The University of Michigan will close its Confucius Institute next year when the current agreement governing the institute expires.
“This transition is driven by a desire to more broadly include the work of exploring and studying Chinese visual and performing arts within U-M’s regular academic and cultural units,” James Holloway, Michigan's vice provost for global engagement and interdisciplinary academic affairs, said in an announcement. Michigan said programming at the Confucius Institute will continue through June of next year.
The Confucius Institutes -- Chinese-government funded centers of language and cultural education housed on about 100 U.S. university campuses -- have come under increased scrutiny over the last few years as a number of political figures have called for their closure. Chief among the critics is U.S. senator Marco Rubio, Republican of Florida, who has characterized the institutes as part of a broader effort by the Chinese government to influence American academia and stifle critical analysis of China's history and politics.
Criticism has also come from within academe. The American Association of University Professors has recommended that universities should renegotiate their agreements to ensure academic control of the institutes and academic freedom for all instructors or otherwise cease their involvement. The National Association of Scholars published a report last year recommending closure of the institutes and finding that in hosting them "universities have made improper concessions that jeopardize academic freedom and institutional autonomy."
Supporters of the institutes say they provide valuable resources to offer Chinese language and cultural programming, and that the concerns about academic freedom and institutional autonomy are unfounded or overstated.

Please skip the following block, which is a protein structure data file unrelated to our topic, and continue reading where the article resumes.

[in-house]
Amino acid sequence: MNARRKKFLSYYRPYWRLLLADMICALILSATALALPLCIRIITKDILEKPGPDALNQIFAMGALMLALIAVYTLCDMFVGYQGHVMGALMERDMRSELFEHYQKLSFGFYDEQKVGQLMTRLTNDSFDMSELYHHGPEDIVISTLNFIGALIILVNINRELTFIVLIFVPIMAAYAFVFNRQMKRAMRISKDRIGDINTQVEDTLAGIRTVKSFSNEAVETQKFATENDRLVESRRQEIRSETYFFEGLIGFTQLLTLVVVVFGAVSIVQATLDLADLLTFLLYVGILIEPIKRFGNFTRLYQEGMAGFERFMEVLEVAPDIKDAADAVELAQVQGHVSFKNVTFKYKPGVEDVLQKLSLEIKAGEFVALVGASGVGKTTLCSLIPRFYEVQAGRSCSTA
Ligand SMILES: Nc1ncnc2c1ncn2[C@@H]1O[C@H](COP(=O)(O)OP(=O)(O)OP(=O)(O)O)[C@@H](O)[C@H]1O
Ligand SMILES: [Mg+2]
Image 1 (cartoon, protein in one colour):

Other American and Canadian universities that have moved to close their Confucius Institutes for various reasons include the University of Chicago, Pennsylvania State University, McMaster University and the Universities of North Florida and West Florida. In April the chancellor of the Texas A&M University system announced the closure of two Confucius Institutes -- one on A&M's main campus in College Station and the other at the Prairie View campus -- after two congressmen wrote an open letter describing the institutes as "a threat to our nation’s security by serving as a platform for China’s intelligence collection and political agenda." The letter from the two congressmen, Representatives Henry Cuellar, a Democrat, and Michael McCaul, a Republican, referenced comments from the Federal Bureau of Investigation director, Christopher Wray, who said in February that the FBI is concerned about the Confucius Institutes and has "developed appropriate investigative steps" in relation to them.